Another notable finding was that—after adjustment for other variables, and despite the finding of bivariate analysis—age was not associated with willingness. This showed that the current use of ICT devices such as personal computers and smartphones would be more significantly associated with willingness to use such a tool than was age. This result partly supported a previous study of those with access to the internet that found older patients surprisingly more likely to use an internet-based patient portal—contrary to analysis with all patients.29 Several studies indicated that major barriers to using ICT-based self-management tools were inadequate access to the internet and lack of the skills to use it.14 ,25 Similarly in this study, 40% of the participants unwilling to use an ICT-based self-management tool gave as a reason that it seemed difficult to use. On the other hand, the oldest user of a smartphone-based self-management application in our previous study12 was 77, and used it easily. In the USA, ∼4 of every 10 elderly people used the internet, and two-thirds of them had looked for health information online.30 These facts suggest that we should not automatically exclude elderly patients as potential users of ICT tools; it is important to assess and enhance patients' access to, and skill in using, ICT devices.
To sum up, this is the first study among patients with diabetes in Japan to demonstrate the prevalence of willingness to use an ICT-based self-management tool, and to determine the characteristics of those patients who express that willingness. The need for such a tool should exist among them as it does according to the international trend. Patients with that willingness may expect ICT-based self-management tools to complement outpatient visits and to make self-management easier. Starting with patients who display the willingness factors might optimize programs based on such tools. Future studies should evaluate the patient characteristics associated with the actual use and degree of the effect of the tools in order to provide further tailored support for self-management using ICT.
This study was financially and materially supported by NTT DOCOMO, Tokyo, Japan. Smartphones used when showing participants an example of ICT-based self-management tools were lent by the corporation.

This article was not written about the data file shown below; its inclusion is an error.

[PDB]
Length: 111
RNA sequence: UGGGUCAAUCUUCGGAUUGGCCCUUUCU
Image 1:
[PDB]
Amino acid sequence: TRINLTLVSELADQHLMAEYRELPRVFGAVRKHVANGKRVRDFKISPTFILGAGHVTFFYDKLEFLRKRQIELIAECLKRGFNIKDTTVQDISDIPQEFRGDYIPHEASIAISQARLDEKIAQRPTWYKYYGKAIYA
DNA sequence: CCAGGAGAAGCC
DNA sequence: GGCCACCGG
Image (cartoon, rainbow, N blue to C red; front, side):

Contributors TS (the first author) designed the research, collected and analyzed the data, and wrote the manuscript. KW designed the research, interpreted the data, and revised the manuscript. NT collected the data and contributed to the discussion. AI, NY-M, and SY advised about analyses and reviewed the manuscript. HF recruited participants and supervised the research. SK, KF, TY, TK, and KO contributed to the discussion. HW, YI, TS, MK, and RS recruited participants and reviewed the manuscript.
Funding This study was funded by NTT DOCOMO and was partly supported by Japan Society for Promotion of Science KAKENHI grant numbers 26460858 to KW.
Disclaimer Employees of NTT DOCOMO were not involved in any procedures of this study: design, collection or analysis of the data, or writing the manuscript.
Competing interests This study was conducted at the Department of Ubiquitous Health Informatics, which is engaged in a cooperative program between the University of Tokyo and NTT DOCOMO, the funder of the study. KW, NT, SY, HF, SK and KF are members of the department.
Ethics approval Research Ethics Committee of Graduate School of Medicine and Faculty of Medicine, The University of Tokyo.
Provenance and peer review Not commissioned; externally peer reviewed.
Data sharing statement Request for additional unpublished data can be made to the corresponding author and will be evaluated on a case-by-case basis. These data may be available with consent of our study team and proper IRB approval.